Whilst previously undersupplied – during 2009, 2011 to 2013 – the recent lift in new housing starts has more than filled this void.
There are about 4,400 residential properties for rent across Brisbane City (20km radius from the Brisbane GPO) & this is more than doubled just two years ago.
The city’s overall residential vacancy rate is rising & is now sits at 2.6%.
The rapid rise in properties for rent is largely an inner city apartment issue; as already mentioned, supply has increased sharply in this area.
Two-fifths of the properties for rent across Brisbane are in inner city suburbs, with 1,800 vacancies as at late February 2014. The inner city vacancy rate is 4%; it was 3.6% late last year & just 1.4% during much of 2012.
The Brisbane rental market is approaching equilibrium with a vacancy rate nudging 3%.
Until this excess rental stock is absorbed – which, given the ramp up of new supply could take some years – rental growth, especially for second-hand apartments, will remain subdued.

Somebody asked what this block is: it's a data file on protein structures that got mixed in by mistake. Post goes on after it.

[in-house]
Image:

High resale numbers too
True, the amount of resale stock on the market is falling; but the decline (so far) has been quite slow. About 9,500 properties remain for sale, which presents about 3% of the total housing stock across the city.
We should see resale stock levels fall across the city this year, which in turn should see some price growth for detached houses & infill compact housing. Apartment price growth, this cycle, is likely to lag.
The new apartment market – particularly when it comes to those ugly monolithic towers downtown – is now a very crowded space. Investors need to buy into projects – and within them, an apartment – with a clear point of difference.